Odds: 9/5. Sadly, this is another plausible scenario, and an obstacle to our return to Big 10 relevancy. Basically, start with all the factors outlined in the Outback scenario, and then add a few drops of cyanide. Said cyanide can take multiple forms. Take, for example, the home-and-away factor in the pivotal 8 games mentioned above: ND, SDSU, Nebraskaand OSU are at home, and MSU, Northwestern, Iowa, and Illinoisaway. Location held constant, all those away games are winnable; playing them away makes them less so. The home games, by contrast, include the two we’re least likely to win no matter where they are played. Despite everything I said in the last entry, this is a problem. Another one is depth, and what a few unlucky injuries could mean to the best-laid plans of mice and men. Can you imagine us going 3-5 or even 2-6 across that stretch? I can. Of course, our roster doesn't appear as frighteningly thin as it was last year,* and all that experience will count for something. Hopefully it will. If not, 2011 could look a whole lot like 2010.
*It didn't look quite that bad in May 2010 either.
4. A Moonwalk to Oblivion
Scenario: In this final scenario, everything that can go wrong does. Mattison’s coaching can’t turn this ragtag bunch into anything even approaching competence, and Borges goes all square-peg-meets-round-hole on our offensive personnel. Our RBs continue to sputter, and our WRs, it turns out, really aren’t suited to a West Coast offense. Denard gets injured, or regresses into an interception machine. We still can’t kick a damned field goal.
Record: 5-7 or worse. No postseason and another hard sell on the recruiting path.
Odds: 9/1. We can sleep relatively well tonight, because this isn’t too likely. But it does happen sometimes. In 2009, Charlie Weis took a Notre Dame team stacked with upperclassmen and promptly went 6-6. Though our expectations aren’t as high or as delusionary, our schedule is likely tougher. We’ve also had a string of bad luck and poor coaching decisions the past few years, which contributed to our historically bad defenses and—in 2008 and 2009—our sputtering offenses. If this string of luck and poor decisions continues (albeit in different form), it would severely complicate the transition currently under way. As I see it, this would take another injury-and-attrition apocalypse like the one that produced our Decimated Defense in 2010 combined with another “shock-therapy” transition on offense like we had in 2008. To be frank, I don’t think it’s too likely for lightning to strike twice in two years, and a return to 2008 production is unlikely, given differences in personnel.* All that said, our vat of returning starters, apparent upgrade in defensive coaching and reassuring noises from Borges about using shotgun sets and QB keepers make this is about as likely as going to the Rose Bowl. In other words, not very.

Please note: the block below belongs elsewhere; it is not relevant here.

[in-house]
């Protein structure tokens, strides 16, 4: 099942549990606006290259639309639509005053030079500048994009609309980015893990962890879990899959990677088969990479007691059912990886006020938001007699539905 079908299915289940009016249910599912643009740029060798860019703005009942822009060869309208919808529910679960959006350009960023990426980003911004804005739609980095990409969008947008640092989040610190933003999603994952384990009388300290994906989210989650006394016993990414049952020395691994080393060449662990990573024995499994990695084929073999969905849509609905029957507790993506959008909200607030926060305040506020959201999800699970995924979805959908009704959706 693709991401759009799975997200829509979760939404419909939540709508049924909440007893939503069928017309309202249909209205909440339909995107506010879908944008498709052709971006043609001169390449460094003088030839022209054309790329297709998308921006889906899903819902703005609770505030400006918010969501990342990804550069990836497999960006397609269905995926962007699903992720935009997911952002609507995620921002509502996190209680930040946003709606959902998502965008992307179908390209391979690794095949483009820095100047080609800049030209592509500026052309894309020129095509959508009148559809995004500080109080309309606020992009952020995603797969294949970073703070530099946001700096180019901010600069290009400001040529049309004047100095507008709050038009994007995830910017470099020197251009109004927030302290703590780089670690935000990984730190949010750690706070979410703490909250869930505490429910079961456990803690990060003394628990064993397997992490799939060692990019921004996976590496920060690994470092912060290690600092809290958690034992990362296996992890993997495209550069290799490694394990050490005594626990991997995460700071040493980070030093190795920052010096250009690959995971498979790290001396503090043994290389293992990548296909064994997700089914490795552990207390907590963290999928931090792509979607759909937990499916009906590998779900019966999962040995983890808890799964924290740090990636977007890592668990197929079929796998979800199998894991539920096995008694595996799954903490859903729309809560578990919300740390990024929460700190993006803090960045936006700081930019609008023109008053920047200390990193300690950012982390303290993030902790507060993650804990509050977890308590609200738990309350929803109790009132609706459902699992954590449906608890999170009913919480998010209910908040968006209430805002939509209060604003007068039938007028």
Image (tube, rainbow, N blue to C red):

*But the consequences would also be more painful, given what we expect from Denard n’ Co.
Inevitably, some readers will draw connections to our recent coaching change and the on-going feud between the Rich Rod loyalists and the Hoke brigade. I do have my opinions on this topic, but I’d rather not go there. Suffice to say, Rich tried his best to put something special together here, and it just didn’t turn out the way he hoped. Dave Brandon made a decision to change things because he didn’t see a roadmap to sustained success, and felt the Michiganbrand was suffering as a result. Only time will give us a concrete idea as to whether Brandonmade a good or bad decision. I’m not trying to comment on the wisdom of that decision, or lack thereof.